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Martin, Nancy 1953-

Martin, Nancy 1953-


Born 1953; married; children: two daughters. Education: Graduated from Westminster College.


Home—Pittsburgh, PA.


Author. During early career, was an English teacher in Williamsport, PA. Has also directed stage plays; conducts writing workshops.


Mystery Writers of America, Novelists Inc., Sisters in Crime (president of Mary Roberts Rinehart chapter), PennWriters.



Beyond the Dream, Harlequin (Toronto, Ontario, Canada), 1985.

Nightcap, Harlequin (Toronto, Ontario, Canada), 1986.

Black Diamonds, Harlequin (Toronto, Ontario, Canada), 1988.

Sable and the Secrets, Harlequin (Toronto, Ontario, Canada), 1988.

Hit Man, Harlequin (Toronto, Ontario, Canada), 1988.

Unexpected Pleasure, Harlequin (Toronto, Ontario, Canada), 1988.

A Living Legend, Harlequin (Toronto, Ontario, Canada), 1989.

Showdown, Harlequin (Toronto, Ontario, Canada), 1990.

Ready, Willing and Abel, Harlequin (Toronto, Ontario, Canada), 1990.

Looking for Trouble, Harlequin (Toronto, Ontario, Canada), 1990.

Whirlwind, Harlequin (Toronto, Ontario, Canada), 1992.

Monkey Wrench, Harlequin (Toronto, Ontario, Canada), 1992.

Good Golly, Miss Molly, Harlequin (Toronto, Ontario, Canada), 1993.

Fortune's Cookie, Harlequin (Toronto, Ontario, Canada), 1994.

Wish upon a Star, Harlequin (Toronto, Ontario, Canada), 1994.

The Pauper and the Pregnant Princess, Harlequin (Toronto, Ontario, Canada), 1995.

The Cop and the Chorus Girl, Harlequin (Toronto, Ontario, Canada), 1995.

Vanilla Blood, Harlequin (Toronto, Ontario, Canada), 1996.

The Cowboy and the Calendar Girl, Harlequin (Toronto, Ontario, Canada), 1998.

(With Elaine Viets, Denise Swanson, and Victoria Laurie) Drop-Dead Blonde (stories; includes "Killer Blonde" by Martin), Signet (New York, NY), 2005.

Martin's fiction has been translated into nineteen languages.


How to Murder a Millionaire, Signet (New York, NY), 2002.

Dead Girls Don't Wear Diamonds, Signet (New York, NY), 2003.

Some Like It Lethal, New American Library (New York, NY), 2004.

Cross Your Heart and Hope to Die, New American Library (New York, NY), 2005.

Have Your Cake and Kill Him Too, New American Library (New York, NY), 2006.

A Crazy Little Thing Called Death, New American Library (New York, NY), 2007.


Producers are working on a television series adaptation of Martin's "Blackbird Sisters" books.


After working in her native Pennsylvania as an English teacher, Nancy Martin embarked on a successful career as a romance writer, publishing well over a dozen novels in the genre. More recently, however, she has turned to writing mysteries and has gained popularity for her "Blackbird Sisters" series. A longtime fan of mysteries, Martin first wrote romance novels because they earned her a healthy income as a stay-at-home mother. After her two daughters graduated, however, she thought she would risk a mystery series. "Murder mysteries have a very clear sense of right and wrong," she said on her Web site, explaining the genre's appeal. "The bad guys always get punished. The good guys come out on top. The books are little morality plays. But I tend to write funny, so my work is slightly offbeat. I like a light, breezy story with entertaining characters. I don't write noir. I write nutty. My reviewers say they laugh out loud, which is high praise indeed."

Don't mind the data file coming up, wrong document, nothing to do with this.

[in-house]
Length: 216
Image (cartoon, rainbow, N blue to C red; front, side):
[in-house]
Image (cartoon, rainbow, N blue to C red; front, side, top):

The "Blackbird Sisters" series features three sisters—Nora, Emma, and Libby—whose family inhabited the social circles of the rich until they wasted all their wealth. The sisters, therefore, must seek out new sources of income. Nora becomes a fashion writer's assistant; Libby sells lotions at erotic parties; and Emma promotes a bra for a former comedian turned entrepreneur. Still hobnobbing with the wealthy and privileged, the sisters manage to run across dead bodies and become amateur sleuths. Meanwhile, Martin throws in a dash of romance, and the various personal exploits of the sisters take just as much prominence as the mysteries themselves. For example, in a review of Cross Your Heart and Hope to Die, a Kirkus Reviews critic noted: "The mystery, by the way, is settled before the big question: How will Nora's New Year's Eve party go?" In a review of Have Your Cake and Kill Him Too, another Kirkus Reviews contributor suggested that readers think of Martin's series this way: "Instead of Tart Noir, think Slut Gris."



Booklist, January 1, 2005, Jenny McLarin, review of Cross Your Heart and Hope to Die, p. 827.

Kirkus Reviews, January 1, 2005, review of Cross Your Heart and Hope to Die, p. 24; February 1, 2006, review of Have Your Cake and Kill Him Too, p. 114.

Library Journal, January 1, 2005, Rex E. Klett, review of Cross Your Heart and Hope to Die, p. 84.

Publishers Weekly, January 30, 2006, review of Have Your Cake and Kill Him Too, p. 44; February 14, 2005, review of Cross Your Heart and Hope to Die, p. 57.


Nancy Martin Home Page, (October 3, 2006).

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